The five biggest U.S. tech companies are now the five biggest companies, period -- at least as measured by market value. And they’re flexing that financial muscle. The tech firms spent $49 million on Washington lobbyists in 2015, while the five largest banks shelled out $19.7 million, data compiled by the Center for Responsive Politics shows.
On the personnel front, the Campaign for Accountability, a non-profit group, studied the to-and-fro between government and Google. It found that 183 people who worked under President Barack Obama through 2015 were hired by Google, while 58 headed the other way.
AT&T has gone from a regional phone company to a national telecommunications powerhouse over the last decade. Its next big expansion will see it buying businesses to transform into a media and entertainment giant, apparently.
Over the next three to five years, AT&T will seek deals to become a producer of programming, shifting its business model so that it owns some of the content it distributes, said the people, who asked not to be identified discussing the company’s strategy. The company’s targets include companies worth $2 billion to $50 billion, apparently. Phone companies are trying to figure out their next steps for expansion as wireless growth flattens out and competition with cable providers remains intense. While its main rival Verizon has bet big on mobile advertising, AT&T is more focused on becoming a powerhouse in video programming. Having become the largest US pay-TV provider through the DirecTV deal, AT&T now faces a new set of challenges -- holding on to TV subscribers in an era of cord-cutting as well as fighting cable networks’ attempts to raise prices for their channels. Adding media properties to AT&T’s distribution business would give the phone carrier valuable insight for marketers into the viewing habits of its users, just as TV rival Comcast got in the acquisition of NBCUniversal in 2011. “The landscape has changed so much in the past 10 years. Strategically, going into media makes a lot of sense,” said Amy Yong, an analyst with Macquarie Capital USA Inc. “Owning content has become very important, not only for cost benefits but getting a stronger foothold among consumers.”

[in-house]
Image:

Google attacked a European Union overhaul designed to ensure copyright owners get a fairer share of income, saying the measures would force it to vet text, video and images before they can be shared on its YouTube service.
"This would effectively turn the internet into a place where everything uploaded to the web must be cleared by lawyers before it can find an audience," the search-engine giant said after the European Commission unveiled draft rules that would also allow newspapers to demand payment when services such as Google News run their articles. Google, owned by Alphabet Inc., is already fighting three EU antitrust probes into search, phone software and advertising. If Sept 14's proposals become law, the company may have a weaker hand when dealing with copyright holders, boosted by more powers to withdraw content or demand compensation. EU regulators said they want to protect publishers and creators when their work is made available on the internet, often without remuneration.